Monika Fabijanska – interview: ‘I wanted Women at War to explain a war that has been going on in Ukraine in silence for eight years’
Oksana Chepelyk. Лист з України / Letter from Ukraine, 2014. Film, HD (1920 x1080 px), colour, sound, 7:32 min. © Oksana Chepelyk. Courtesy of the artist.
The curator explains why, for her show at the Fridman Gallery in New York, she chose female artists to narrate the story of the war, and to widen the theme to draw in people with no prior interest in the region
Nick Merriman, director of London’s Horniman Museum, receives the Art Fund Museum of the Year Award 2022 at the Design Museum in London.
London’s Horniman Museum has just been awarded one of the art world’s biggest prizes. Nick Merriman, the museum’s director, says its winning formula involves a passion for the environment and a determination to reach a more diverse audience.
Lubna Chowdhary talking to Hettie Judah about the themes that underpin her work, London, July 2022. Photo: Martin Kennedy.
With swooping forms and blazing colour, Chowdhary explores the grey areas between east and west, sculpture and architecture, and the functional and the decorative. She talks here about the themes that underpin her work.
Ai Weiwei: Yours Truly. Photo: Midas PR.
Premiered at the Glastonbury Festival, Ai Weiwei: Yours Truly is a moving and powerful documentary about the horror of political imprisonment, offering insights into the artist’s own struggles and those faced by freedom fighters across the world.
National Museum of Oslo. Photo: Iwan Baan.
Oslo’s new National Museum opened in June, its 6,500 objects arranged to tell a refreshingly inclusive and post-colonial story of the evolution of art, design and craft. How does the new museography of this, Scandinavia’s largest art museum, and its architecture, measure up?.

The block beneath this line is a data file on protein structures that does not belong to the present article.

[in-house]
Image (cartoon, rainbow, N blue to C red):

Julian Perry, Sea View Caravans, 2009. Oil on panel, 46 x 34.5 cm. Copyright and courtesy the artist.
From Thomas Gainsborough and John Constable to Richard Long and Yinka Shonibare, what unites these artists and their works across the centuries is a shared concern with the relationship between our planet and its inhabitants.
Céline Condorelli. Image courtesy the artist.
The architecturally trained artist talks about her new show at Edinburgh’s Talbot Rice Gallery, and looking at the constructed nature of labour and leisure, as well as value.
Milton Avery, Husband and Wife, 1945 (detail). Oil on canvas, 85.7 x 111.8 cm. Wadsworth Atheneum Museum of Art, Hartford, Connecticut. Gift of Mr and Mrs Roy R. Neuberger. Photo: Allen Phillips / Wadsworth Atheneum. © 2022 Milton Avery Trust / Artists Rights Society (ARS), New York and DACS, London 2022.
In the first comprehensive exhibition of Avery in Europe, the RA brings together more than 70 works from the 1910s to the 1960s, showing how he influenced artists such as Mark Rothko and Barnett Newman – and, in turn, learned from them.
Vivian Maier, New York, December 2, 1954. © Estate of Vivian Maier, Courtesy of Maloof Collection and Howard Greenberg Gallery, NY
An amateur photographer who, while working as a nanny, captured the streets and people of Chicago from the 1950s and 1960s like no other, is seen here in her first solo UK show at MK Gallery.
David Batchelor, Concreto 5.0/01, 2012. Courtesy © the artist and Compton Verney.
A long overdue survey covering 40 years of work from an artist long interested in the complexities of colour and its place in the urban environment.
Antonio Calderara. Senza Titolo, 1958. Oil on wood, 23.5 x 30 cm (9 1/4 x 11 3/4 in). © Estate of Antonio Calderara. Courtesy Lisson Gallery.
This show follows the postwar Italian artist’s path as he journeys from figuration to abstraction, with his wife, young daughter and local scenery providing the subject matter for much of his work.
Dineo Seshee Bopape and Katy’taya Catitu Tayassu, motsopa: sonore (Clay and sound), 2021-2022 (detail). Installation view, Back to Earth exhibition at Serpentine North, 22 June – 18 September 2022. Photo: Veronica Simpson.
The Serpentine’s Back to Earth programme asked artists to consider how art can respond to the climate emergency. This exhibition is a tribute to their many and varied responses.